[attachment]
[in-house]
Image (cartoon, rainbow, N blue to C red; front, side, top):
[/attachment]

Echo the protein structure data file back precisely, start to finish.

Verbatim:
[in-house]
Image (cartoon, rainbow, N blue to C red; front, side, top):